New Law pioneer Axiom has ditched long-trailed plans for an initial public offering (IPO) after securing a ‘significant investment’ from private equity house Permira.
The undisclosed investment makes Permira the company’s majority owner and calls time on Axiom’s much-hyped public offering, which many considered a bellwether for the fast-growing alternative legal services market.
‘One option was to do an IPO, but we took an alternative path towards the same objective,’ Axiom’s senior vice president David Pierce told Legal Business. ‘Permira is the path we’ve taken, and there are lots of advantages to private ownership.’
In preparation for its IPO, Axiom had spun off two of its companies in Knowable and Axiom Managed Solutions in February.
According to Pierce, ownership of all three companies caused difficulties: ‘They needed different things and different levels of investment. Sometimes we had to make compromises. We made the best compromises, but still compromises.’
Axiom also cited Permira’s track record in investing in professional services businesses. The sponsor acquired online legal service provider LegalZoom in 2014 for $200m.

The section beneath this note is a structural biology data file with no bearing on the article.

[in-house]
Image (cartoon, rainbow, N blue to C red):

Despite the shift in tactics, Axiom chief executive Elena Donio and the rest of Axiom’s management team will stay in place and lead the company. Though Pierce would not comment on the size of the backing, Permira has considerable firepower as one of Europe’s leading private equity houses. Permira had also previously invested in the sector funding Knights through its debt management and advisory arm in 2016. The new funds are likely to be invested in Axiom’s technology platform, its sales offering and future global expansion.
Founded in 2000, Axiom is generally regarded as the highest-profile New Law brand in the global market. The firm, best known for providing freelance lawyers for short engagements, reported revenue of $360m in the 2017/18 financial year and has more than 2,000 employees on three continents.
Turning to private sponsors sees Axiom follow several of its peers, including rival Lawyers On Demand, which secured private equity backers last year after Bowmark Capital acquired Bryan Cave Leighton Paisner’s entire 62% stake in the business.
While the abandonment of its long-held ambitions to go public will come as a surprise, Pierce insists there was no significant obstacle which prevented the move: ‘Going to market is an intense process but this is what we’ve chosen. It’s the identity of the investor which makes it work.’
For more analysis on Axiom’s sale prospects, click here.